Parade Winners

Seven Best Fourth of July Parades in America (Photos)

The best part about Independence Day parades? Small-town celebrations often rival big-city productions.

Bristol, Rhode Island

Bristol is home to the oldest 4th of July celebration in the country, dating back to 1785, when a reverend of the First Congregational Church conducted the initial pomp and circumstances. Each year, America’s birthday celebration starts early—on Flag Day (June 14)—and concludes with a 2.5-mile parade on the 4th of July.


by Lauren Viera

Washington, D.C.

As you might expect from a 4th of July parade through the nation’s capital, it’s all here—marching bands, military units, floats, political celebrities, and loads of colonial re-enactors hamming it up. The National Independence Day Parade route begins at Constitution Avenue and 7th Street, and heads west past the Smithsonian (which has hosted the Folklife Festival on parade day) to conclude at 17th Street.

Alameda, California

This East Bay city has won some accolades over the years for its hometown-style celebration of the 4th of July. With more than 170 floats and 2,500 participants parading approximately three miles, it’s the longest parade route in the country, drawing more than 20,000 onlookers eager for glimpses of everything from rifle squads to a horse ballet.

Aptos, California

This quaint seaside town several miles east of Santa Cruz is proud of its claim to the World’s Shortest Parade—just .6 miles, cutting through the Village Square. Festivities kick off for the 50th annual parade with a morning pancake breakfast, and although the parade spans just over a half mile, it’s jam-packed with activity.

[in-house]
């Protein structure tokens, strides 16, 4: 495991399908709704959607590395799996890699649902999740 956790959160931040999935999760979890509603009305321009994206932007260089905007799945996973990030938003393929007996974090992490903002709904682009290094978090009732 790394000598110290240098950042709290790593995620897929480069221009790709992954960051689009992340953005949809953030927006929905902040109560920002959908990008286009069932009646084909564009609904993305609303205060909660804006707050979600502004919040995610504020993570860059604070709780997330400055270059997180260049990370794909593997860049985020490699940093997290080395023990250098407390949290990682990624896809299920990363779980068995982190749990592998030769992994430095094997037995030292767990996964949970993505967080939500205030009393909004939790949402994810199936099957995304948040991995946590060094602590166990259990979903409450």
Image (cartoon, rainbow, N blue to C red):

Cooperstown, New York

One of the oldest parades in the country, Cooperstown’s Grand Old Fourth at the Farmers’ Museum features throwback décor as a nod to its early-1800s heyday. Cooperstown’s events dovetail with celebrations in nearby Oneonta and Springfield, which is hosting its 99th parade this year. Live bands, BBQ dinner trains, and the spirit of the 19th century are all alive at this trifecta of small-town celebrations.

Bend, Oregon

Central Oregon’s resort haven is known for its Old Fashioned July 4th Festival and Pet Parade, which has been this modest-sized town’s tradition since the 1930s. Kids and their pets are the stars, with parents pulling wagons occupied by everything from dogs to lizards and goats.

Philadelphia, Pennsylvania

Arguably the most patriotic 4th of July parade in the nation, Philly’s annual Independence Day Parade involves more than 5,000 participants from a dozen states, and is just one of many Wawa Welcome America! festival events that take place in the historic city from July 1 through July 7.


More from Condé Nast Traveler:

Independence Day: Traveling More, Spending Less

Reader Photos: July 4th Fireworks Across the Country

Happy Birthday, America: This Is Why We Love You